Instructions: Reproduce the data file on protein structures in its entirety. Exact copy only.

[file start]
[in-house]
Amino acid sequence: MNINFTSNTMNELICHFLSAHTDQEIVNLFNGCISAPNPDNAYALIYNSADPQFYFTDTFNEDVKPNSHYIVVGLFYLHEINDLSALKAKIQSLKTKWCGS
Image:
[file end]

[in-house]
Amino acid sequence: MNINFTSNTMNELICHFLSAHTDQEIVNLFNGCISAPNPDNAYALIYNSADPQFYFTDTFNEDVKPNSHYIVVGLFYLHEINDLSALKAKIQSLKTKWCGS
Image: